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Hospitality industry representation on Charlottesville area tourism board could double

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Recommended CACVB board changes

The Charlottesville-Albemarle Convention and Visitors Bureau Board of Directors recommended at its meeting Monday that four board seats currently filled by elected officials and government administrators be changed to tourism industry related representatives appointed by the city and county.

More hospitality industry representatives could soon be appointed to the local tourism board, after some have asked for more representation on the board.

The Charlottesville-Albemarle Convention and Visitors Bureau Board of Directors recommended at its meeting Monday that four board seats currently filled by elected officials and government administrators be changed to tourism industry related representatives appointed by the city and county.

Those in the tourism industry have asked to fill more seats on the board, and have said board members should be an advocate for tourism.

Ultimately, the Albemarle County Board of Supervisors and Charlottesville City Council will have to approve any changes to the operating agreement.

If the changes are approved, the number of appointed tourism representatives on the board would double.

Industry representation on the board has been an ongoing concern since the board’s makeup was changed in 2018 and elected officials were added. Changes were made to the board and the organization by elected officials because of “the CACVB’s limited focus and reluctance to explore new tourism markets.”

Hospitality representatives have said there’s a disconnect between the board and what the industry needs, and tensions flared again earlier this year around the board makeup and investment in marketing the Charlottesville region.

Funding for the bureau comes from a portion of the city and county’s transient occupancy tax, which is levied on hotel and short-term rental guests. Due to the pandemic and low hotel occupancy, the CACVB in the current fiscal year is receiving about 14.6% less funding than it did last year.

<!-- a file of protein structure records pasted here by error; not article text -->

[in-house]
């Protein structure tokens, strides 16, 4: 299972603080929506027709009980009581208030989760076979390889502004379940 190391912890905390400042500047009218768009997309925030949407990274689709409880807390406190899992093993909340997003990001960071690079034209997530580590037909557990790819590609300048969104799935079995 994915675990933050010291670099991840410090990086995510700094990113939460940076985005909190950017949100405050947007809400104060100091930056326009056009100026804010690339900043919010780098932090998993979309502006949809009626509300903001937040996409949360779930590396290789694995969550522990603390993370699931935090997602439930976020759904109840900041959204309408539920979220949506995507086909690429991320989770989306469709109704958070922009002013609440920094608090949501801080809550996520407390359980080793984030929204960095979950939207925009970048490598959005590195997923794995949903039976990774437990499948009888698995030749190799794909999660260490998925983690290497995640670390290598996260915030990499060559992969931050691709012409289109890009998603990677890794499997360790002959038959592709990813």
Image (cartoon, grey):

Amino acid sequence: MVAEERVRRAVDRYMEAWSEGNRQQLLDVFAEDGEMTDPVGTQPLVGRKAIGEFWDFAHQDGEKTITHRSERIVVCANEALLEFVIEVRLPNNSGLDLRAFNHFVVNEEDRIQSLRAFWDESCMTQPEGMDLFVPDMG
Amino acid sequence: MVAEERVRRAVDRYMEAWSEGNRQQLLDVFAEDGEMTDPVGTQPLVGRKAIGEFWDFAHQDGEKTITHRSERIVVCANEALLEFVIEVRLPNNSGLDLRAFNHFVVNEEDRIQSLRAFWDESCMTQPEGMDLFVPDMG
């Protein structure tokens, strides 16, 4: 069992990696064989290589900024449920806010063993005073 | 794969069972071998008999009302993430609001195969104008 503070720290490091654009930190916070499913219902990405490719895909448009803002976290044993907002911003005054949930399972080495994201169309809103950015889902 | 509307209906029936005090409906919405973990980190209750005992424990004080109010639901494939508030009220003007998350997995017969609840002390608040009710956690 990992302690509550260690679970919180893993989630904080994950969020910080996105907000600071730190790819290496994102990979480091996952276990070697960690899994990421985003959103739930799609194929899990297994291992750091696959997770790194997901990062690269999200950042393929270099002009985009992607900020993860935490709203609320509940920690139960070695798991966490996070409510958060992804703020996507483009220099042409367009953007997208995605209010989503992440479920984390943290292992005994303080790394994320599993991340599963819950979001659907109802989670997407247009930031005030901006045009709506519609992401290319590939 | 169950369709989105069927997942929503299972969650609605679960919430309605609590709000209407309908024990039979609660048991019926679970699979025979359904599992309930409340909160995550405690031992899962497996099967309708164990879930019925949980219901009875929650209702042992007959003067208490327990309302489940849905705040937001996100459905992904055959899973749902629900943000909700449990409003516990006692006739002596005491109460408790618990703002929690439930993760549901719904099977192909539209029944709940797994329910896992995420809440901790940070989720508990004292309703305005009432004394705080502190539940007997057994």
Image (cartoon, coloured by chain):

Currently, the operating agreement states the executive board is made up of 15 voting members including four elected officials and four city and county staff members, including the city manager, county executive and economic development directors from both localities.

The city and county also each appoint a tourism industry organization representative to the board. The elected officials jointly appoint one “representative of the recreation community” and one “representative of the arts community.”

Representatives from Monticello, the University of Virginia and the Charlottesville Regional Chamber of Commerce round out the board.

The new recommended operating agreement replaces one elected official from each jurisdiction, the city manager and the county executive with two “accommodations” representatives, one appointed by each the city and the county, and two “food or beverage” representatives, one appointed by each the city and the county.

At the meeting Monday there was little discussion about the recommended changes. Elizabeth Cromwell, the president and CEO of the Charlottesville Regional Chamber of Commerce and also a CACVB board member, asked about when new members would be on the board, if the changes are approved.

Chris Engel, the city’s director of economic development, said the elected bodies may take action by the end of the calendar year and that appointments could be made with the new calendar year.

“That might be optimistic, but I think that’s the ideal scenario, if possible,” Engel said.

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